One question kept coming up during the Warsaw premiere of “Prisoner of Her Past,” Oct. 18 in an exhibition space near the Jewish Historical Institute.
Though audience members in the SRO crowd phrased it in different ways, they kept returning to the same motif: Why didn’t my mother talk about her Holocaust trauma after the war? Why was she so silent? Wouldn’t she have avoided the disaster of her current PTSD-induced psychosis if she had just told her story? Don’t people who speak about trauma function much better than those who refuse to speak?
If only it were that simple.
For starters, the medical literature suggests that most survivors did not seek psychiatric help; that those who did generally were not helped significantly; that psychiatrists themselves cued survivors not to share the most gruesome details of their experiences (further discussion of these points can be found in my book “The First and Final Nightmare of Sonia Reich”).
In short, there was virtually no forum through which the survivors could tell their stories, nor did they feel they had the words to describe the chaos and horrors they witnessed and endured.
Yet there were other reasons not to speak, as well.
“Survivors who don’t tell stories are protecting themselves and their listeners,” said Lukasz Biedka, a psychologist who illuminated the panel discussion following the Warsaw screening.
“The listeners are as helpless to what happened as the survivors themselves. The listeners wouldn’t know what to do with this story.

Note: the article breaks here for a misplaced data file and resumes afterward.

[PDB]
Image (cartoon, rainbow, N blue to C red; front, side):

“And the survivors didn’t want to expose themselves to not being understood.
“It’s impossible [for the listener] to feel empathy if you haven’t lived through this yourself. And anyway, empathy isn’t enough.”
For the survivors, added Biedka, “It’s a second trauma when you tell people what happened, and they can’t understand.”
One member of the audience – a daughter of survivors – said she would never make a film about her own mother, thereby putting her mother “under a microscope.”
But this sounded to me like an unfortunate plea for more of the old silence.
As a son and as a journalist, I feel compelled to tell this story, to unveil the truth of what happened as I discover it.
Plus, as psychologist Biedka added, “The film is not just about [Sonia’s] PTSD. It’s about Howard working through his own thoughts.”
Post script: Deep thanks to Edyta Kurek and Olga Zienkiewicz, of the Jewish Historical Institute in Warsaw, and Andrew B. Paul, cultural attaché of the U.S. Embassy in Warsaw, for organizing this unforgettable event.
– Howard Reich